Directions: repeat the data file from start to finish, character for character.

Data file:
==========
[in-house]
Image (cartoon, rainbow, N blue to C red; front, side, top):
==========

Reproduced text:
[in-house]
Image (cartoon, rainbow, N blue to C red; front, side, top):